“Random encounters with the unusual” is a repository for the oddities that me and Mrs J have encountered on our travels, which we find interesting or amusing in some way. Have a look, maybe you will find something interesting or amusing herein.

Thursday, 23 January 2014

The Wonders of Uffington

In this blog I have previously mentioned the Oxfordshire village of Uffington as the home of the Uffington White Horse, which is thought to be the oldest white horse in Britain. It was not until I recently visited Uffington however that I became aware of some of the other wonders that the local landscape has to offer.

The white horse lives next to Uffington Castle. Uffington Castle is an Iron Age bank and ditch style hill fort which encloses around 8 acres of land and commands extensive views over the local countryside, as can be seen in the below photos.

Uffington Castle's earthworks. 
Uffington Castle's earthworks and extensive views. 
Information board.

Directly below the white horse is a small chalk hillock that has a seemingly artificial flat top. This hillock is known as Dragon Hill. This hill is linked to the legend of King George and the dragon. The legend claims that the summit of the hill is where Saint George slew the dragon, and that the bare patch of chalk that can be seen is where the dragon’s blood spilled (and hence no grass will now grow there).

It has also been suggested that Dragon Hill may have been used for Iron Age rituals that were associated with the white horse.

Looking from above the horses' head down towards Dragon Hill.
Dragon Hill. 
Looking back up towards the white horse from Dragon Hill.

The other local feature, that is about a mile walk along the Ridgeway from Uffington Castle, is the Neolithic long barrow which is known as Wayland’s Smithy.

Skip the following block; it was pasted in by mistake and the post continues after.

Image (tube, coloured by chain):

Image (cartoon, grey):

This tomb dates from around 3700 BC and is about 56m long by 13m wide. When the tomb was excavated in the 1960’s it was found to contain the remains of 14 people, who seem to have been de-fleshed before burial.

The name of the tomb derives from its association by the Saxons with the Germanic god Wayland (also known as Wolund) who was a smith. The Saxons began to live in the area around 4000 years after the tomb was built and the Saxon association of the tomb with Wayland the Smith gave rise to an interesting legend. Apparently if a traveller had a horse that had lost a shoe, leaving the horse and a silver coin (as payment) at the tomb overnight would result in the horse being re-shod by morning.

Information board.
Side view of the long barrow.
Front view of the long barrow.
The entrance.
Looking from the back to the front of the long barrow.
Even though the long barrow of Wayland’s Smithy is around 5700 years old it seems that practice of using long barrows as tombs has not died out entirely. The village of All Cannings, near Devizes in Wiltshire, will soon be home to a new long barrow which is currently under construction. Once completed, paying customers will be able to book their place in eternity in the long barrow - a method of burial that was once reserved only for the social elite of ancient Britain (December 2013 news article, January 2014 news article).

Pictures, Oxfordshire (December 2013).

If you find this post interesting please share it using the buttons below.

No comments:

Post a Comment